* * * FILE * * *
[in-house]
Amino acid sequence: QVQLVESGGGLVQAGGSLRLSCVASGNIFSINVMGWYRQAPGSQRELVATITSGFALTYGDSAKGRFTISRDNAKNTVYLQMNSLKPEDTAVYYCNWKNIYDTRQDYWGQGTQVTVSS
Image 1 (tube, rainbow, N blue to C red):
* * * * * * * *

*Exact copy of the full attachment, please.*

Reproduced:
[in-house]
Amino acid sequence: QVQLVESGGGLVQAGGSLRLSCVASGNIFSINVMGWYRQAPGSQRELVATITSGFALTYGDSAKGRFTISRDNAKNTVYLQMNSLKPEDTAVYYCNWKNIYDTRQDYWGQGTQVTVSS
Image 1 (tube, rainbow, N blue to C red):